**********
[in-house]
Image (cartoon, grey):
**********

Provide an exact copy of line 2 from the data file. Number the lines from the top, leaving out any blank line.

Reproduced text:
Image (cartoon, grey):